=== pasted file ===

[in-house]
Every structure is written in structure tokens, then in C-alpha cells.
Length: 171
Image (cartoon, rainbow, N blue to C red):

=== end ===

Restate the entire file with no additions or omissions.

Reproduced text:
[in-house]
Every structure is written in structure tokens, then in C-alpha cells.
Length: 171
Image (cartoon, rainbow, N blue to C red):